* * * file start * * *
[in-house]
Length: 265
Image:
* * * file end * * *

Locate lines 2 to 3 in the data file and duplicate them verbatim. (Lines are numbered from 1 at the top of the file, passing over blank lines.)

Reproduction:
Length: 265
Image: